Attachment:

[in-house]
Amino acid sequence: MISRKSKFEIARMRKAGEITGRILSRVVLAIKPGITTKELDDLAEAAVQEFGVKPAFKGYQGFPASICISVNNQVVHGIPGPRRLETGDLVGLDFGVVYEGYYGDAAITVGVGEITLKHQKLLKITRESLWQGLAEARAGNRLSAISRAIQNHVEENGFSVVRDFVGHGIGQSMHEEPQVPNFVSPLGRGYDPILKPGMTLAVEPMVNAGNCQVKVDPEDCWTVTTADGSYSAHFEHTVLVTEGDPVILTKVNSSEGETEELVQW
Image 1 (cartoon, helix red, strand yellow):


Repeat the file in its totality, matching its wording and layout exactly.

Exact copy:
[in-house]
Amino acid sequence: MISRKSKFEIARMRKAGEITGRILSRVVLAIKPGITTKELDDLAEAAVQEFGVKPAFKGYQGFPASICISVNNQVVHGIPGPRRLETGDLVGLDFGVVYEGYYGDAAITVGVGEITLKHQKLLKITRESLWQGLAEARAGNRLSAISRAIQNHVEENGFSVVRDFVGHGIGQSMHEEPQVPNFVSPLGRGYDPILKPGMTLAVEPMVNAGNCQVKVDPEDCWTVTTADGSYSAHFEHTVLVTEGDPVILTKVNSSEGETEELVQW
Image 1 (cartoon, helix red, strand yellow):